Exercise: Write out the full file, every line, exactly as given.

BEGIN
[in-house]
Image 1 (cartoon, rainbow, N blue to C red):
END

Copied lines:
[in-house]
Image 1 (cartoon, rainbow, N blue to C red):